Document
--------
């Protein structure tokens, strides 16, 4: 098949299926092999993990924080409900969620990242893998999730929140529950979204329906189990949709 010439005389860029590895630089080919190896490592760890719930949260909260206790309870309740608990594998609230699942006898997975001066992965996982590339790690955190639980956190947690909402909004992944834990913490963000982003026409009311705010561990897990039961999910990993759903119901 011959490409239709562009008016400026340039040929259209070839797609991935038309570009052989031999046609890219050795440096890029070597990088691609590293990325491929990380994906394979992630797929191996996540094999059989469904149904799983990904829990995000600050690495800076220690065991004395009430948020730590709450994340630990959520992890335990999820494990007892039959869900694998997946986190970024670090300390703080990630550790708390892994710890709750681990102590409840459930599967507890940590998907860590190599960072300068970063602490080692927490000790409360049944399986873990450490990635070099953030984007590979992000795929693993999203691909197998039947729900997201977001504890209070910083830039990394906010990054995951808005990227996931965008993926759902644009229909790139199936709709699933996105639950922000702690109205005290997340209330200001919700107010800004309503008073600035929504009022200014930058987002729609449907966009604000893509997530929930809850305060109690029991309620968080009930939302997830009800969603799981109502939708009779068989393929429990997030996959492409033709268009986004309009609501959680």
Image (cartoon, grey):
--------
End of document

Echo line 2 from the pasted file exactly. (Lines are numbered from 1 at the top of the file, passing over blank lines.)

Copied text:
Image (cartoon, grey):